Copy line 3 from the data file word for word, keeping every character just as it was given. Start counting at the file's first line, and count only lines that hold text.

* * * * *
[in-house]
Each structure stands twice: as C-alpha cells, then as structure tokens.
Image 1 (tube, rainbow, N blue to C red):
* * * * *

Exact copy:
Image 1 (tube, rainbow, N blue to C red):